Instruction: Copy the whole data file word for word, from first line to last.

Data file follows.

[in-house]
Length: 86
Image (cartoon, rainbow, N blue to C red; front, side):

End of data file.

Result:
[in-house]
Length: 86
Image (cartoon, rainbow, N blue to C red; front, side):